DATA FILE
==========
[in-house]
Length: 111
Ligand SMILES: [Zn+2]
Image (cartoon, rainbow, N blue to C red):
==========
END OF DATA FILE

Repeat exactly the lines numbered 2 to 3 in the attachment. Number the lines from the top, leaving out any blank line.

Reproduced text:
Length: 111
Ligand SMILES: [Zn+2]